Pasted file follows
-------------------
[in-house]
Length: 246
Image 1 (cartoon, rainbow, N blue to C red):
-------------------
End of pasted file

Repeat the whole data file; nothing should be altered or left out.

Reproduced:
[in-house]
Length: 246
Image 1 (cartoon, rainbow, N blue to C red):